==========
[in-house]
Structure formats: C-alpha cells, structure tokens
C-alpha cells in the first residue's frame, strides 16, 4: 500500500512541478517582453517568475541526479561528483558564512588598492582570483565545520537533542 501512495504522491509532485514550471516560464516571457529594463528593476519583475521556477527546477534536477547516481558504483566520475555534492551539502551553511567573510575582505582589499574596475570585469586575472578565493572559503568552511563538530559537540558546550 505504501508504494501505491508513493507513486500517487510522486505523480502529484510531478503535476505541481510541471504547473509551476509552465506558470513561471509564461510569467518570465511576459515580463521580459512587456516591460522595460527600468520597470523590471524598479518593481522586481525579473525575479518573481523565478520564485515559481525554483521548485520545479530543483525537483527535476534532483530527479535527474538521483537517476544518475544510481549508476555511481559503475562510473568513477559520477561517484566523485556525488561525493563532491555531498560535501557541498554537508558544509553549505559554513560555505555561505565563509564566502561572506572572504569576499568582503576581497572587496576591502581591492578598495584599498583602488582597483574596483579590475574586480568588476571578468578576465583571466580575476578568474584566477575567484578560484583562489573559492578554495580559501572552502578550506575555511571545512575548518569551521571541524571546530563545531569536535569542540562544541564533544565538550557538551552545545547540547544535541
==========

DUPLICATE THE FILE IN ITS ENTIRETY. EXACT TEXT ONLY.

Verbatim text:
[in-house]
Structure formats: C-alpha cells, structure tokens
C-alpha cells in the first residue's frame, strides 16, 4: 500500500512541478517582453517568475541526479561528483558564512588598492582570483565545520537533542 501512495504522491509532485514550471516560464516571457529594463528593476519583475521556477527546477534536477547516481558504483566520475555534492551539502551553511567573510575582505582589499574596475570585469586575472578565493572559503568552511563538530559537540558546550 505504501508504494501505491508513493507513486500517487510522486505523480502529484510531478503535476505541481510541471504547473509551476509552465506558470513561471509564461510569467518570465511576459515580463521580459512587456516591460522595460527600468520597470523590471524598479518593481522586481525579473525575479518573481523565478520564485515559481525554483521548485520545479530543483525537483527535476534532483530527479535527474538521483537517476544518475544510481549508476555511481559503475562510473568513477559520477561517484566523485556525488561525493563532491555531498560535501557541498554537508558544509553549505559554513560555505555561505565563509564566502561572506572572504569576499568582503576581497572587496576591502581591492578598495584599498583602488582597483574596483579590475574586480568588476571578468578576465583571466580575476578568474584566477575567484578560484583562489573559492578554495580559501572552502578550506575555511571545512575548518569551521571541524571546530563545531569536535569542540562544541564533544565538550557538551552545545547540547544535541